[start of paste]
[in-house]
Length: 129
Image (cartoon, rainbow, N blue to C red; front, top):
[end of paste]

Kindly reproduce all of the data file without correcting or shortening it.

[in-house]
Length: 129
Image (cartoon, rainbow, N blue to C red; front, top):